SAN DIEGO — New Mexico's governor says it is a step backward. Texas isn't touching it. And California? Never again.
Arizona's sweeping new law empowering police to question and arrest anyone they suspect is in the U.S. illegally is finding little support in the other states along the Mexican border.
Among the reasons given: California, New Mexico and Texas have long-established, politically powerful Hispanic communities; they have deeper cultural ties to Mexico that influence their attitudes toward immigrants; and they have little appetite for a polarizing battle over immigration like one that played out in California in the 1990s.
But perhaps the biggest reason of all is that the illegal flow of people across the border is seen as a more acute problem, and a more dangerous one, in Arizona.
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In the 1990s, the U.S. government added fences, stadium lights and more agents to the border in Southern California and Texas, forcing a shift in the flow of illegal immigrants that has now turned Arizona into the single biggest gateway for people sneaking into the country from Mexico. The influx has led to a sharp increase in kidnappings, home invasions and other violence tied to drug and human smuggling.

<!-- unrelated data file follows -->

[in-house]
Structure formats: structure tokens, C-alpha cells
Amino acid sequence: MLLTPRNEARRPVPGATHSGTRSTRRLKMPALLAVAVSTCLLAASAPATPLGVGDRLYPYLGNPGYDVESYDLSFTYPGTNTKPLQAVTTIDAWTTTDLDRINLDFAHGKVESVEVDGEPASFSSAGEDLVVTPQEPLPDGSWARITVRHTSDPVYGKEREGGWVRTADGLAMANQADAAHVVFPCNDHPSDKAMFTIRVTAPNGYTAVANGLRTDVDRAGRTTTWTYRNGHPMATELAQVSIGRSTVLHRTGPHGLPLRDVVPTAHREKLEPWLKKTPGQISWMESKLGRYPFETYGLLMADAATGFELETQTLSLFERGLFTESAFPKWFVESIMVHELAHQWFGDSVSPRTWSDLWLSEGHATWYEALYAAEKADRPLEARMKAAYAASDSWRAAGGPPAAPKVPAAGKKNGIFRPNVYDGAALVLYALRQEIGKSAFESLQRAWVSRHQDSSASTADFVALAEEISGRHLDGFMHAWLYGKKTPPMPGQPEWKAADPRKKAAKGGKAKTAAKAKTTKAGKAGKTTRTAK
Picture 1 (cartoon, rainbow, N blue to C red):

"The flow has moved east, and the debate has moved east as well," said Dan Schnur, director of the University of Southern California's Jesse M. Unruh Institute of Politics.
Arizona's population of illegal immigrants has increased fivefold since 1990 to around 500,000. The Tucson region replaced San Diego as the top place for Border Patrol arrests in 1998 and accounts for nearly half the total. And Phoenix has been dubbed the kidnapping capital of the U.S., with an average of one abduction per day in recent years.
Strategists on both sides of the debate expect Arizona's law to resonate most in states far from the border where illegal immigration is relatively new.